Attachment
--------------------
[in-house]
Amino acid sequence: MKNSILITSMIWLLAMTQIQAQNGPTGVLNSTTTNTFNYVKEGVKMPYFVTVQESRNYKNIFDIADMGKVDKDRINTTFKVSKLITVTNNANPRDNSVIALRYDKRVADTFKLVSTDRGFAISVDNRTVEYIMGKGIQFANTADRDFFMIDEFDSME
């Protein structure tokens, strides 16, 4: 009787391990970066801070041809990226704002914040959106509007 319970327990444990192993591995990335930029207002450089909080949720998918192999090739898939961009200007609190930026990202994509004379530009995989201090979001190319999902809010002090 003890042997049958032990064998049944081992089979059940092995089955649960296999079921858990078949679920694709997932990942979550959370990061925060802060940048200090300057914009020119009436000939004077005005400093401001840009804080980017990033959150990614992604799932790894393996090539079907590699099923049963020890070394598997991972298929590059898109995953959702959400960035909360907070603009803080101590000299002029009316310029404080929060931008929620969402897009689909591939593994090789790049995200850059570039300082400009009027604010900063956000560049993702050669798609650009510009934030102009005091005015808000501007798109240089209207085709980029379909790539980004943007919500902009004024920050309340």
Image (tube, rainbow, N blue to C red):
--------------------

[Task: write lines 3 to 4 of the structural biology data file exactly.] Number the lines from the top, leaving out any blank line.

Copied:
């Protein structure tokens, strides 16, 4: 009787391990970066801070041809990226704002914040959106509007 319970327990444990192993591995990335930029207002450089909080949720998918192999090739898939961009200007609190930026990202994509004379530009995989201090979001190319999902809010002090 003890042997049958032990064998049944081992089979059940092995089955649960296999079921858990078949679920694709997932990942979550959370990061925060802060940048200090300057914009020119009436000939004077005005400093401001840009804080980017990033959150990614992604799932790894393996090539079907590699099923049963020890070394598997991972298929590059898109995953959702959400960035909360907070603009803080101590000299002029009316310029404080929060931008929620969402897009689909591939593994090789790049995200850059570039300082400009009027604010900063956000560049993702050669798609650009510009934030102009005091005015808000501007798109240089209207085709980029379909790539980004943007919500902009004024920050309340």
Image (tube, rainbow, N blue to C red):